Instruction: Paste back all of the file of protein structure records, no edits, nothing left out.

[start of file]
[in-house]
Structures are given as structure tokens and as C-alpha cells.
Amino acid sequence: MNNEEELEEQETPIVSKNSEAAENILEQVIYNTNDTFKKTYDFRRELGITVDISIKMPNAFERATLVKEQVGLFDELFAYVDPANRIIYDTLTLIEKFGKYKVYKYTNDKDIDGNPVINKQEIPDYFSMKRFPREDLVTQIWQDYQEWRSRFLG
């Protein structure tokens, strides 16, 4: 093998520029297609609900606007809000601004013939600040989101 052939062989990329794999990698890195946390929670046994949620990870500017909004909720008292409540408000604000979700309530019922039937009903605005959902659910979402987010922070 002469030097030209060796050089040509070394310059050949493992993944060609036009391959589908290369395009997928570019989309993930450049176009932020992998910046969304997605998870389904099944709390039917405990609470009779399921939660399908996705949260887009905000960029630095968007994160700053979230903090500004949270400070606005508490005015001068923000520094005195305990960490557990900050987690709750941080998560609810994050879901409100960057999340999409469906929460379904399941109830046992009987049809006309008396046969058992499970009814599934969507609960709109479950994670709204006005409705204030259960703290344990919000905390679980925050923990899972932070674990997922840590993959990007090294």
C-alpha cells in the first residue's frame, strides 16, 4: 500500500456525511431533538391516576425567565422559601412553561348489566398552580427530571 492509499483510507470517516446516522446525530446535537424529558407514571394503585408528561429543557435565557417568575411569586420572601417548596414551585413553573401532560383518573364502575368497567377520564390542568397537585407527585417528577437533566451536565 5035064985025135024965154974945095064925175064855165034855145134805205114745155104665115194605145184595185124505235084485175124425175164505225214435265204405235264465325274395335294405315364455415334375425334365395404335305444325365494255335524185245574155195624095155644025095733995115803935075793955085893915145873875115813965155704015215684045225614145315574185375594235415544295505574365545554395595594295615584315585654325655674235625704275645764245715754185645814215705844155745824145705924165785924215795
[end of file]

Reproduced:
[in-house]
Structures are given as structure tokens and as C-alpha cells.
Amino acid sequence: MNNEEELEEQETPIVSKNSEAAENILEQVIYNTNDTFKKTYDFRRELGITVDISIKMPNAFERATLVKEQVGLFDELFAYVDPANRIIYDTLTLIEKFGKYKVYKYTNDKDIDGNPVINKQEIPDYFSMKRFPREDLVTQIWQDYQEWRSRFLG
């Protein structure tokens, strides 16, 4: 093998520029297609609900606007809000601004013939600040989101 052939062989990329794999990698890195946390929670046994949620990870500017909004909720008292409540408000604000979700309530019922039937009903605005959902659910979402987010922070 002469030097030209060796050089040509070394310059050949493992993944060609036009391959589908290369395009997928570019989309993930450049176009932020992998910046969304997605998870389904099944709390039917405990609470009779399921939660399908996705949260887009905000960029630095968007994160700053979230903090500004949270400070606005508490005015001068923000520094005195305990960490557990900050987690709750941080998560609810994050879901409100960057999340999409469906929460379904399941109830046992009987049809006309008396046969058992499970009814599934969507609960709109479950994670709204006005409705204030259960703290344990919000905390679980925050923990899972932070674990997922840590993959990007090294």
C-alpha cells in the first residue's frame, strides 16, 4: 500500500456525511431533538391516576425567565422559601412553561348489566398552580427530571 492509499483510507470517516446516522446525530446535537424529558407514571394503585408528561429543557435565557417568575411569586420572601417548596414551585413553573401532560383518573364502575368497567377520564390542568397537585407527585417528577437533566451536565 5035064985025135024965154974945095064925175064855165034855145134805205114745155104665115194605145184595185124505235084485175124425175164505225214435265204405235264465325274395335294405315364455415334375425334365395404335305444325365494255335524185245574155195624095155644025095733995115803935075793955085893915145873875115813965155704015215684045225614145315574185375594235415544295505574365545554395595594295615584315585654325655674235625704275645764245715754185645814215705844155745824145705924165785924215795